I was amused to hear on the radio last year of a “New Feminism”: a wave of women who were responding to the pressures on women to “have it all” (the perfect career AND family) by living a fulfilling life with neither. It amused me because here was a tagline that I could easily pin to myself without even being aware of its philosophy.
So as an apparent ‘new feminist’ I can speak on my own behalf about why I have chosen not to have a career or family, but I’d love to hear from other people who have considered or chosen the same path.
Yesterday I briefly covered the reasons for not wanting children; the post was slightly tongue-in-cheek but still accurate from my own point of view. The issue runs much deeper than a quiet house though. I was adopted as a baby by two lovely people who raised me well. As an adult I decided to find my biological mother and we have a very good relationship together.
Possibly because I learnt my life skills from my adoptive parents, I’ve never felt the need to have my own biological children. Even when I was younger and thought I may have children one day, the idea of fostering or adopting a child never seemed like a consolation (for not being able to bear children), but a preferred option. There are so many children in the world that need love already, why create more?
As it turns out, the point is moot for me personally; I don’t want to put my life on hold to raise another being.
As far as a career goes, when I left university I was determined I was going to have a fabulous career and be a millionaire by the time I was thirty. I did give that ‘career’ a serious go: I was working in the IT industry and moved up the pay scale quickly.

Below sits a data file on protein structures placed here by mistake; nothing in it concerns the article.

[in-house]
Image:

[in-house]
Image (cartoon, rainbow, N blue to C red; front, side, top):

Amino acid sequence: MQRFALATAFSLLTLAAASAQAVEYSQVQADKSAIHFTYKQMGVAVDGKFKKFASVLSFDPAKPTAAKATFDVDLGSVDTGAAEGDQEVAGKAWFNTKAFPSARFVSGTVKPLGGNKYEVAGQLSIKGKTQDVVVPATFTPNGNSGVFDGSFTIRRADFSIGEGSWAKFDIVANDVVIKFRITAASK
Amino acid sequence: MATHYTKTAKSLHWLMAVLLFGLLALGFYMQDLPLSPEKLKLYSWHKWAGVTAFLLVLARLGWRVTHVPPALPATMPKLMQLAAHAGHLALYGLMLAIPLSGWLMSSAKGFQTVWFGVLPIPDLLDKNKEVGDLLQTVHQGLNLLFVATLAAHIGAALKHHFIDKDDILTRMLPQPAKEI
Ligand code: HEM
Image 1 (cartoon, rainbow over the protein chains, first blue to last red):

Every couple of years I’d move to another firm to work in a different area of the industry because I was never happy with the work I was doing. Even though I created and designed a database for use by the government (a feat I was proud of) it felt hollow, knowing that in a few years all my hard work would be obsolete and replaced by a newer faster model. That is the way of IT, forever evolving. I soon realised anything I produced would essentially be worthless in about four years.
After a decade in the industry I’d tried everything to make my ‘career’ work and all I had was a bucket load of cash I’d blow every weekend in a never ending cycle to forget how empty my life was. During a period of sobriety I was able to contemplate my position, and realised it was time to let go. Let go of the idea of the career.
Shortly after, I quit my job and looked for a less stressful one, as it turned out I landed a job in administration and really enjoyed it. Yes, my pay was tiny in comparison, but I had more fun during my day and no urge to disappear in a fog of forgetfulness every weekend. It was the best decision I’d ever made.
Since then I’ve had a variety of jobs as I’ve jokingly worked my way DOWN the career ladder to less and less stressful (and lower paid) positions. Since I don’t have children and I just have Mike and our two dogs to look after, the lower income doesn’t really matter. I spend less because I earn less, that’s all there is to it.For me personally, having no career or family is the best thing in the world. I have a job, but I’m honest with my employers that I just want somewhere to work for a few years until I move to the country. Not all employers want every staff member to be ambitious enough to work their way up to management; in my current position there is no position to be promoted to, so I’m a perfect fit!
What are your thoughts on career and family? One, both or neither?